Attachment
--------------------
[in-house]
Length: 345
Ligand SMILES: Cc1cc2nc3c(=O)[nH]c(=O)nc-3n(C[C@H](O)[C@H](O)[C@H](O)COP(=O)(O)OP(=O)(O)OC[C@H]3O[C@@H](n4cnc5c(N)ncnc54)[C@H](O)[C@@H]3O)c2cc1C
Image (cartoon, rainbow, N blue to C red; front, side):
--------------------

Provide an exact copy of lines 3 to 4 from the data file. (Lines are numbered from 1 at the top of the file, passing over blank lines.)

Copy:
Ligand SMILES: Cc1cc2nc3c(=O)[nH]c(=O)nc-3n(C[C@H](O)[C@H](O)[C@H](O)COP(=O)(O)OP(=O)(O)OC[C@H]3O[C@@H](n4cnc5c(N)ncnc54)[C@H](O)[C@@H]3O)c2cc1C
Image (cartoon, rainbow, N blue to C red; front, side):